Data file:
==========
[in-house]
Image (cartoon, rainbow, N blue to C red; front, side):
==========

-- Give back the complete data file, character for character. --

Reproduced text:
[in-house]
Image (cartoon, rainbow, N blue to C red; front, side):